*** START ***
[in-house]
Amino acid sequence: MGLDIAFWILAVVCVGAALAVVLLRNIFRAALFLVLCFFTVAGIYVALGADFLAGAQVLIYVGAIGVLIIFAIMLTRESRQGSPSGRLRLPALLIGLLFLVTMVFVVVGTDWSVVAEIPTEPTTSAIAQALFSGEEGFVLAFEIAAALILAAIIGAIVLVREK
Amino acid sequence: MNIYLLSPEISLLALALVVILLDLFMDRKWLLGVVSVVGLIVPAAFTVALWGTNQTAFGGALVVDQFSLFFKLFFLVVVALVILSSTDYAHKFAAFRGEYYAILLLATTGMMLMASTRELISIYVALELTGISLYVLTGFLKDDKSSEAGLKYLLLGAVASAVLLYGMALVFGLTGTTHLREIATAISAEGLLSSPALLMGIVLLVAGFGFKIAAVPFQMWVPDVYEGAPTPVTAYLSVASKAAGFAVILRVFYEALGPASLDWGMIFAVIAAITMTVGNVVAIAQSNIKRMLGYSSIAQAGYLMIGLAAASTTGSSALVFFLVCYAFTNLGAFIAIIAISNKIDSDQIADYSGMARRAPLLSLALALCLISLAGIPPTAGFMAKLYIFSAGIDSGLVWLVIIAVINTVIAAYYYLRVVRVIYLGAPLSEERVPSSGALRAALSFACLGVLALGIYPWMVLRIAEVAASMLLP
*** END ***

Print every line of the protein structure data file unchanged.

[in-house]
Amino acid sequence: MGLDIAFWILAVVCVGAALAVVLLRNIFRAALFLVLCFFTVAGIYVALGADFLAGAQVLIYVGAIGVLIIFAIMLTRESRQGSPSGRLRLPALLIGLLFLVTMVFVVVGTDWSVVAEIPTEPTTSAIAQALFSGEEGFVLAFEIAAALILAAIIGAIVLVREK
Amino acid sequence: MNIYLLSPEISLLALALVVILLDLFMDRKWLLGVVSVVGLIVPAAFTVALWGTNQTAFGGALVVDQFSLFFKLFFLVVVALVILSSTDYAHKFAAFRGEYYAILLLATTGMMLMASTRELISIYVALELTGISLYVLTGFLKDDKSSEAGLKYLLLGAVASAVLLYGMALVFGLTGTTHLREIATAISAEGLLSSPALLMGIVLLVAGFGFKIAAVPFQMWVPDVYEGAPTPVTAYLSVASKAAGFAVILRVFYEALGPASLDWGMIFAVIAAITMTVGNVVAIAQSNIKRMLGYSSIAQAGYLMIGLAAASTTGSSALVFFLVCYAFTNLGAFIAIIAISNKIDSDQIADYSGMARRAPLLSLALALCLISLAGIPPTAGFMAKLYIFSAGIDSGLVWLVIIAVINTVIAAYYYLRVVRVIYLGAPLSEERVPSSGALRAALSFACLGVLALGIYPWMVLRIAEVAASMLLP